In 1966, SJHS became a co-educational institution, the site of which was the renovated College St. Joseph on Merrimack Street. Direction of the school was entrusted to the Sisters of Charity of Ottawa.

Courses continued at SJHS for boys until 1969 when the Marist Brothers left Lowell to concentrate their efforts in the field of education at the high school and college levels elsewhere in this country.

In 1975, when St. Jean Baptiste parish found it impossible to continue its financial support, it became necessary to make changes. The school then became known as St. Joseph Regional High School and opened its doors to boys and girls of the entire Greater Lowell area.

Since 1975, when the school became non-affiliated with any specific parish it has been operating under the administration of a board of directors consisting of local professional and business men and women and it is staffed by a faculty of Sisters of Charity of Ottawa and lay teachers.

Looking back over its 60 silvered, gilded and bejeweled years St. Joseph High School under the direction of the Beloved Sisters of Charity of Ottawa can certainly glow in its well earned and deserved reputation of being an institution of high school education second to none, equal to the very best, and superior to many.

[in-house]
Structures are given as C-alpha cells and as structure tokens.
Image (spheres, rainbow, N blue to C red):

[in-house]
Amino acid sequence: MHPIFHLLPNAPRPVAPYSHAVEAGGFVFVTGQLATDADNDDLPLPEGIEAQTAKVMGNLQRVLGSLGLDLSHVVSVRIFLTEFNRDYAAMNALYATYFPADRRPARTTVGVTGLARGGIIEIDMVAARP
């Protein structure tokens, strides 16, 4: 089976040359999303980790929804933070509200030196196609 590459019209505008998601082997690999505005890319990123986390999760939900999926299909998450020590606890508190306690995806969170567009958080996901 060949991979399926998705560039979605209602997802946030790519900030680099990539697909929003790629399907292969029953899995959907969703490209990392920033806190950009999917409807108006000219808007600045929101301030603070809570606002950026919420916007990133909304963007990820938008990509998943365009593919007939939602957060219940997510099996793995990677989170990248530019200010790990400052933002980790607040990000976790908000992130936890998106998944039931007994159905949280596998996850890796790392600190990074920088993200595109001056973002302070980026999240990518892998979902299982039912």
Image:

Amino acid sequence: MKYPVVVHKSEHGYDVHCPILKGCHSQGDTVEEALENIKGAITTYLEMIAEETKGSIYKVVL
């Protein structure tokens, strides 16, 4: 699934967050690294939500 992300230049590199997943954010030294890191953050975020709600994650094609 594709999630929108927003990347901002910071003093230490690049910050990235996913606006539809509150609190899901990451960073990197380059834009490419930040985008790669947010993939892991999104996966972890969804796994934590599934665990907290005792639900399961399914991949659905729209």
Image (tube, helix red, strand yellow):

The record shows that 120 graduates of SJHS, following their college education, have joined the ranks of teachers throughout the country. It shows that 110 have chosen careers in the field of medicine, and a score or more are engaged in Social Work. Of the 28 graduates who have responsible positions in administration, three have returned to Lowell, where one is administrator of St. Joseph Hospital, one has served and one is presently serving as administrator of D’Youville Manor. Hundreds of SJHS graduates are in important positions in the various fields of the business world as well as in the arts and on the political scene, and hundreds have served in the armed forces.

St. Joseph High School for Boys has also given some 60 vocations to the priesthood and a score of more to the brotherhood. Many are in the fields of medicine, teaching, research, business and private enterprise, the media and all the professions.

Another very important group, in which the greatest number of SJHS graduates will be found is in that ultra special vocation of parenthood, a vocation that provides the daily opportunity to share with their children the treasures of the Catholic and bi-lingual education, the sense of values, the appreciation of ethnic cultural and heritage, the spirit of patriotism and the wealth of knowledge they received at their beloved Alma Mater.

[Editor’s Note: Bear in mind that what you have just read was written in 1988. Today, in March of 2003, Lowell Regional High School, along with a number of other Catholic secondary schools was absorbed and metamorphosed to become what is now known as Lowell Catholic High School located at 530 Stevens Street in Lowell. For more information, please click on to their web site at the following address:]

http://www.lowellcatholic.org